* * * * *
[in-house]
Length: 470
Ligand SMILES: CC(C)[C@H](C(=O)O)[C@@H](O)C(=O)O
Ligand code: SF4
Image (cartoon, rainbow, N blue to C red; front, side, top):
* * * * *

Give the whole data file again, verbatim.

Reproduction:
[in-house]
Length: 470
Ligand SMILES: CC(C)[C@H](C(=O)O)[C@@H](O)C(=O)O
Ligand code: SF4
Image (cartoon, rainbow, N blue to C red; front, side, top):